Angela Merkel
Adam Berry--Getty Images
By Geoffrey Smith
October 10, 2014

Europe’s stock markets are ending the week in the key of Misery Major, after weak economic data from France, Italy and the U.K. reinforced conditions about growth in the region.

Industrial production was flat in France and rose by only 0.3% in Italy in August, the country’s statistics offices said. Both figures were worse then expected, and led many to conclude that the Eurozone’s second- and third-largest economies had both probably shrunk in the third quarter.

Market sentiment has been battered this week by downgraded growth forecasts from international bodies such as the International Monetary Fund and the Organization for Economic Cooperation and Development, both of which have raised the specter of a third recession in five years for the Eurozone.

But the wave of capitulation seen this week has happened largely because of developments in Germany, five leading research institutes in a joint report slashed their growth forecasts for this year and next year (to 1.3% and 1.2% respectively)–and took the rare step of blaming German economic policy largely for the problem.

That slowdown was shown starkly in the week’s data, with incoming orders to manufacturers, industrial output and exports all falling at their fastest rate in five years. However, the figures drastically overstate an underlying trend of “modest deterioration”, according to economists at Berenberg Bank in London.

“The late start to summer school holidays led to factory closures falling entirely in August rather than at least partly in July, as is usual,” Berenberg’s Christian Schulz said in a note to clients Friday. “Taking July and August together, industrial orders and output were each down 0.3% on the Q2 average, while exports (+2.0%) and retail sales (+0.8%) actually increased.”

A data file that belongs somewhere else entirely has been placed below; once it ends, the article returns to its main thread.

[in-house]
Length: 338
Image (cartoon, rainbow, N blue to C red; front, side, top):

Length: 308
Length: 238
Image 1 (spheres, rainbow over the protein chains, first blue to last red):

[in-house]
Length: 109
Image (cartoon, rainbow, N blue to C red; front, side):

While Germany has been the Eurozone’s growth engine for the last five years, it’s the U.K. that is Europe’s fastest-growing economy this year, but even there the signs of slowdown are becoming more evident. Data released Friday showed U.K. businesses struggling to export to a slowing Eurozone, while stocks were also hit by a rise in political uncertainty after big gains for the protest party UKIP in two by-elections to parliament Thursday.

The German benchmark DAX index fell 1.8% by lunchtime in Europe, and has now erased all of its gains for the year after posting an all-time high only three months ago. The U.K.’s FTSE-100 index fell 1.0% to its lowest level in 15 months.

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